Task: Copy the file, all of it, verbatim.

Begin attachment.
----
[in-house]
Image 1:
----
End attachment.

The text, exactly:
[in-house]
Image 1: